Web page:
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November 19, 2008


I think I remember that Stimson has updated the mood measure, but hasn't put it on his website. Worth checking out perhaps

The number of voters who identified themselves in exit polls as conservative, liberal or moderate remained virtually unchanged between 2004 and 2008 — and in fact, those numbers have been more or less steady for decades.

This argument always annoys me. People may still define themselves as conservative, liberal or moderate, but they define those terms differently today than they did decades ago.

What conservative group would have argued for civil unions in place of marriage in 1980 (like the YesOn8 crowd did in California this year)? Support for women's rights, minority rights, civil liberties, environmental laws, etc. have all changed dramatically over time and the conservative/moderate/liberal position along with them.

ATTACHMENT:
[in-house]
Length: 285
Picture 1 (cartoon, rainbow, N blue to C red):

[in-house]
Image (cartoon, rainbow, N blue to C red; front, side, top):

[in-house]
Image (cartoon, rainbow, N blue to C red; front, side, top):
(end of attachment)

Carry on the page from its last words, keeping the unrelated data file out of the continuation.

Adding to what Jinchi said, is conservatism torturing people to get information or ensuring fiscally responsible government? Is liberalism allowing gays in the military or enacting universal healthcare?

Without strict definitions about political positions that most people have varying opinions about (and I'm surprised that political scientists don't deal with multi axis diagrams to show the political spectrum), results may simplify reality.

In The Political Beliefs of Americans, Free and Cantril many years ago pointed to one of the pitfalls of such discussions as this. The terms "liberal" and "conservative" are so mushy, that attaching any meaning to them is difficult. They distinguished between two different lib/conserv spectra, ideological and operational.

Starting from there would relieve some of the confusion.

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